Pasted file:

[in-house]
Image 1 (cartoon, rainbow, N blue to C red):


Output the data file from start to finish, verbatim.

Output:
[in-house]
Image 1 (cartoon, rainbow, N blue to C red):